Services for Shipowners and Offshore Companies

IMO has developed the “International Hong Kong Convention for the Safe and Environmentally Sound Recycling of Ships” (HKC), adopted in May 2009, and the “EU Ship Recycling Regulation[1] (EU-SRR)” of European Parliament has entered into force end of 2013. Both require documentation of hazardous materials on board new and existing ships and platforms[2] (Inventory of Hazardous Materials - IHM) as well as recycling of ships in approved Ship Recycling Facilities (SRF).

The staff of GSR Services are „Approved IHM-Experts“ by DNVGL and ClassNK. Additionally GSR Services has commited itself to high standards due to it´s leading membership to IHMA e.V. This ensures that due to the status of IHMs as a „Technical File“ no negative effects for the owner can appear due to IHMs lacking quality.

HKC has not entered into force yet but EU-SRR enforces it throughout the EU. That results in various deadlines for EU-flagged and EU-visiting vessels above 500GT between 2015 and 2018. Many different deadlines apply and the following table provides a chronological overview:

Entry into Force of EU-SRR:


Application of EU-SRR:

Earliest 30.12.2015, latest 30.12.2018

Authorization of SRFs:

end of 2016

IHMs for ships:


  • New ships[3]:

From 30.12.2015 (date of contract)

  • Ships for recycling:

when “EU-Liste” is available, latest end of 2016

  • Existing ships:

Until 30.12.2020, or within 6 months after change to EU-flag

Table 1: Deadlines of EU-SRR


The “Inventory of Hazardous Materials – Part I” (IHM) lists quantities and locations of materials onboard, which may be harmful to people or the environment. These materials need special attention during recycling of ships. This information could also be utilized for health & safety and environmental aspects during ship building, operations, maintenance, and repairs. IHM consists of three parts and only “Part I” applies to shipbuilding and the operational phase. The two other parts are to be prepared prior to recycling. Also different tables of hazardous materials apply; the following table provides an overview:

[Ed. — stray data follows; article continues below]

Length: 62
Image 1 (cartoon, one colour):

Table 2: Overview of IHM parts

IHMs for existing ships

Not only ships flying the flag of EU-member states but also approximately 30.000 ships above 500GT visiting EU-ports have to have a certified IHM onboard by end of 2020. IHMs for existing vessels have to cover 4 different types hazardous materials (EU = 5) and can be prepared in a practical manner; by inspections and taking of samples. Quality of IHMs is important as they are the basis for planning of HSE aspects during ship recycling and are technical files describing presence or absence of asbestos, PCBs, ozone depleting substances and TBT (plus PFOS for EU-ships). In case the IHM is inaccurate legal actions from the buyer against the vendor are risked.

A proper balance between costs and quality of IHMs is a challenge and is considered by the “International Hazardous Materials Association” (, an international network of IHM-Professionals providing cost-effective preparation of quality-IHMs.

Time pressure